The Siberian Husky is at its happiest when they can share in family activities. Most huskies will be quite comfortable inside the house and quite comfortable outside. The best arrangement is one in which the dog can come in and out of the house of its own free-will, through a dog door. If a dog door is not possible, then training the dog to go to an outside door to be let out is also very easy to do.

The Siberian Husky is a nomad, he has no fear of cars or homing instincts. If allowed loose, the dog will be hit by cars, fall prey to injury or disease and hunger. He will hunt stock, rabbits, poultry, cats, smaller dogs and other smaller animals to survive and ultimately if caught may be shot by farmers or confined in a pound to be put down, as he now has a tag 'vicious dog' by just fulfilling his natural instinct. Because of this, a Siberian Husky must be contained at all times.

You will need a yard that is fully fenced at least six foot tall, with no escape routes over, through or under the fence. Wire dug into the ground will discourage digging out [more on this]. Siberian Huskies are the best escape artists of all time – even the best cared-for dog may get loose, never to be seen again. They can get through microscopic holes, scale six foot fences with the grace of a gymnast, break tie-out chains and above all slip collars that even Harry Houdini would be amazed of. A Siberian Husky will be miles away from home within a very short space of time.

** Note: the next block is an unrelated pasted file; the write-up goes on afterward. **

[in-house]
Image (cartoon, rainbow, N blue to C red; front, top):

Husky owners must build strong enclosures and constantly check for that small hole, loose fencing or that gleam in your dogs eye that says, 'I know something that you don't.' The words 'escape proof' are not in the Siberian Husky's vocabulary.

Even after you've made your yard look like Fort Knox, a determined Siberian Husky will find a way to slip your guard. Perhaps on a walk you slacken your grip on the lead just as something catches its attention – and off he goes! Or you didn't check the fence line for the last week and missed observing the new excavations that were taking place down there. An unexpected escape can happen at the best of times. To maximise your chance of finding your dog, it is essential to have him microchipped and registered with your local Council. If your escapee Siberian is captured by or handed in to a pound or animal shelter, it is essential that they be able to locate and contact you. Microchipping is a simple and relatively cheap procedure which your vet can perform, which provides life-long identification that – unlike a collar – cannot be removed.

Most Siberians would prefer not to sleep in a normal dog kennel – they would rather lie on top of it. Whilst they are Artic dogs, they do require shelter from the elements in the form of a good sturdy house. The house should have a flat roof so they can perch themselves their to watch the world. However keep the dog house away from any fences, as this will become a launching pad to an escape route.

Fence line

Temperament Index Home alone!